Insurance Claims from Penn. Turnpike Incident Exceed $1 Mil

Talk about a sticky situation.

Travelers Insurance has asked a federal court in Pennsylvania to appoint a “special master” to evaluate and settle the claims of hundreds of motorists whose vehicles were damaged after a tanker truck insured by the coverage provider spilled a gooey petroleum product all over the Pennsylvania Turnpike in November.

A lawyer representing Travelers confirmed this week that the insurer has deposited $1 million into a bank account supervised by the U.S. District Court in Pittsburgh, but said that amount may not be enough to pay off the nearly 1,000 claims for damages filed by motorists from 16 states and their private insurance companies.

The attorney, who requested anonymity due to the ongoing litigation, said the company that owns the truck that caused the incident–Maryland-based MTS Transport–is seeking payment from another insurer with whom it has a policy for up to $4 million in excess coverage.  He said the combined total should be enough to cover all the claims filed by Pennsylvania car insurance policyholders and insured parties from other states.

“I think everyone’s more than confident that $5 million would be more than enough to settle all the claims,” the Travelers attorney said in a phone interview.

A motion filed on behalf of Travelers identifies 995 individuals and their insurers as claimants in the case, which began on the evening of Nov. 22 on the turnpike near the Pennsylvania/Ohio border.

A truck owned by MTS Transport developed a leak and dumped asphalt flux—a viscous, tar-like material used for roofing and road paving—onto a 38-mile stretch of highway. The sticky substance coated tires and engines and caused the vehicles behind the truck “to be barely drivable or not drivable at all,” according to court documents.

Georgia residents Bill and Nicole Androutsopoulos have claimed that damages to their Acura TL would cost an estimated $1,186.82 to repair, and Dennis Porter, of Illinois, sought assistance from Travelers with $1,146 in damages to his Toyota Highlander, according to the motion filed by the coverage provider.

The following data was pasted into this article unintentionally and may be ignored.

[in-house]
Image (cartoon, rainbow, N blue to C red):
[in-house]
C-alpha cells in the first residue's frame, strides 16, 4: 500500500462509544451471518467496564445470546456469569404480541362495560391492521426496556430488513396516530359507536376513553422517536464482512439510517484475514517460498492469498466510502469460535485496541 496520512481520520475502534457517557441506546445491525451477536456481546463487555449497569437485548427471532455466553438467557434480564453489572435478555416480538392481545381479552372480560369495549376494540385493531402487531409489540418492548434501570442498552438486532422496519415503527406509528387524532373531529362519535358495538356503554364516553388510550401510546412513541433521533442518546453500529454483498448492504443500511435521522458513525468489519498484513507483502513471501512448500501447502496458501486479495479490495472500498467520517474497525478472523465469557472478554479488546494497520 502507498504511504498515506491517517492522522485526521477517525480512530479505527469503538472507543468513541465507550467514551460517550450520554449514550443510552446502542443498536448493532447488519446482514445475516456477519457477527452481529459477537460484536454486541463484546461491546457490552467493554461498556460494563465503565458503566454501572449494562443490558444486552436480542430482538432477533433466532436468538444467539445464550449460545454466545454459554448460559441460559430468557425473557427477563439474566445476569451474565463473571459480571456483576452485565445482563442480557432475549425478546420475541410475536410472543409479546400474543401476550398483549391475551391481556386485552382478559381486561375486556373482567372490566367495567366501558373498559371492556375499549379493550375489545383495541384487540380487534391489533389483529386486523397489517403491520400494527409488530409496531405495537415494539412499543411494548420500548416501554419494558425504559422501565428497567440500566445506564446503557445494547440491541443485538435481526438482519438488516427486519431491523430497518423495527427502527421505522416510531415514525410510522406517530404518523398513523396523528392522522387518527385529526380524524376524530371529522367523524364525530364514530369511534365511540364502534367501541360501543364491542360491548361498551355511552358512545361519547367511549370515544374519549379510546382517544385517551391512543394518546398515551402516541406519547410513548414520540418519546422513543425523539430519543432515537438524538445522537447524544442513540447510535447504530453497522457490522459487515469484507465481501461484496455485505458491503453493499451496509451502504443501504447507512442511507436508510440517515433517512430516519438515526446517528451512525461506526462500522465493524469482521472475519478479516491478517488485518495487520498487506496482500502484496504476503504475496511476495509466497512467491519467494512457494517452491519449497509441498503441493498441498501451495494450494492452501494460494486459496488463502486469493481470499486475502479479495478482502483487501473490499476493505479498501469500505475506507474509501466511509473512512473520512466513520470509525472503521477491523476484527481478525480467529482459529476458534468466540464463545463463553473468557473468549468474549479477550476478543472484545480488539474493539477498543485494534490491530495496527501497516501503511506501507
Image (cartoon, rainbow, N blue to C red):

The court has yet to respond to Travelers’ request for a special master to handle distribution of settlements in the case. According to court documents, that official would be “given power to settle claims made by (claimants) on a good faith and reasonable basis, using the money paid into court to Travelers, until that money is exhausted.”

The Travelers motion asks the court to prohibit any further claims against the insurer or MTS Transport.

Among the claimants is the Pennsylvania Turnpike Commission, which has told the coverage provider that it expects to be paid for cleanup costs.

According to the court filing, the value of the claims received by Travelers exceeds the $1 million liability coverage limit provided by the policy issued to MTS Transport.

A statement on the trucking company’s website said that its lawyers are working with Hallmark Insurance Co.—with whom MTS has the excess coverage policy—and is doing its best “to keep everyone updated regarding the Pennsylvania Turnpike incident and specifically how and where to submit claims.”

The Turnpike Commission announced the day after the incident that lanes had been cleared of asphalt flux and traffic was normal. Work crews reportedly used snow plows along with sand, salt and cinders to clean the sticky substance from the roadway.

About Gregor McGavin
Gregor McGavin is an award-winning journalist who has reported across the country for such publications as The Associated Press, the Arizona Republic, the Pittsburgh Tribune-Review and the Press-Enterprise.

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